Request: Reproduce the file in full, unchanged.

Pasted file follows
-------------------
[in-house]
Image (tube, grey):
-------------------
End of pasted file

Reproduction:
[in-house]
Image (tube, grey):